I believe I have spent much more time with Myrnah building friendship than I have leadership, particularly in the years since filming the movie. The downfall of too much friendship and not enough leadership is over emotionality and sharp boundaries.

 

During the times I have been practicing being a better leader, I find Myrnah is more willing to try things and be positive about new experiences. I find she is less afraid of strange noises and shapes moving in the distance.

 

When I am a better leader I find she is more relaxed and adaptable.

 

So what does practicing leadership look like? It looks like setting goals that require you to take actions that might get “no” answers.

 

Good leaders find the space between failure and success, the space between yes and no answers, and take the risk to ask.

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Good friends spend time enjoying each other’s company without asking much at all.

 

Bad leaders ask a lot of questions with “no” answers. Bad leaders ask for too much too soon.

 

Good leaders don’t ask for too much, but they do dare to ask. Asking for things is what creates a leader. Asking for things builds trust. Asking for things builds stronger bonds and makes everyone feel safer.

 

I may crave step for step and breath for breath, I may crave harmony and unity and I may get all those things in friendship with Myrnah.

 

When intensity finds Myrnah and me, like the night a coyote appeared all of a sudden on the dark path in front of us and we found our hearts pounding in unison, flooding us with adrenaline, and putting us on edge, that was a moment I was glad for every bit of leadership I had ever practiced. We could face it calmly and wait for it to go on its way, even though we were out of our comfort zone.

 

Our boundary with the coyote was adaptable; there was no need to turn and bolt into the darkness away from it, but I could feel Myrnah wanting to. I could trust her to hold her ground and wait out the discomfort, but only barely. Those are the moments I vow to spend a little more of my time asking for things and being a good leader, and maybe a little less time just being with her as a good friend.

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Here is to finding the balance – friendship and leadership.

 

Elsa Sinclair

EquineClarity.com

TamingWild.com

The Project:

One Mustang directly off the range, One Trainer, Many Students, Communication through body language, Tools used only for safety, never to train

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The Goal:

To discover how far Equestrian Art can be developed solely using body language.

 

Progress Isn’t Linear

 

It was nighttime, I was out riding the trails, maybe ten o’ clock, very dark, the evening was still and deep and my horse and I felt wrapped up in a cocoon of quiet and peace. All that was were the rhythms of existence, breath for breath, swinging movement matching the clip clop of bare hooves and frogs and the breeze singing softly to Cleo and me.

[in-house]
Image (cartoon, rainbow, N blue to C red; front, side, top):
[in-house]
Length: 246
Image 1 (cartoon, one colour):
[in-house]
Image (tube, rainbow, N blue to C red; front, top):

In a sudden moment I realized the air smelled sweet and fragrant and in all honesty my first thought was perhaps I was losing touch with reality – this must be a moment of madness; what smells sweet in the end of February? Scanning the darkness for some reasonable explanation, there it was: a cherry tree in full blossom on the bank of the river. If this was a momentary flood of madness, the physical world was in full accord and here we were with springtime bursting upon us in all its glory, unexpected and so very welcome.

 

Life is like that; we don’t really ever know what is right around the corner and, however well we plan and prepare, we ultimately must trust that whatever happens is an important part of the process whether it is good, bad, planned or unexpected.

 

As we started into 2016 I was so very full of ambition. I had a book to finish, a movie to promote, days scheduled full of clients to teach and horses to train, and a discovery that on top of a full day of work, nighttime in the dark was actually an amazingly beautiful time to ride my own horses out on the trails. A sacred quiet time where I could return to my roots and the core reason I do all this work in the first place. A girl and a horse moving together through time and space in consideration of how can we do this better?

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Life was heady and full of possibility.

 

In my plans, life was a perpetual motion machine of experience leading to understanding, leading to teaching and sharing what I was learning, leading to writing of blog and book. I had envisioned this in a very linear fashion: mornings to train and ride, daytimes to teach and travel, nighttimes to meditate out on the trails to the rhythmic pulse of heartbeat and hooves, and early morning hours to write about it all.

 

And then life happened: for a month, every time my alarm would go off in the wee hours of the morning, I would hit it blindly and fall deeply back asleep. My plans called for writing, and no writing was happening!

 

I tried writing the first few lines of ideas down before I went to sleep, hoping that would prime me to fall into action on waking. All that left me with was a whole list to things I want to write about…. And still have not yet…

 

I tried taking time for writing in the middle of the day, and found myself answering emails and shipping boxes of movies off around the world instead.

 

I tried sitting on the mounting block, computer on my lap in the paddock amidst the horses to write, and found Myrnah’s invitations to play with her irresistible.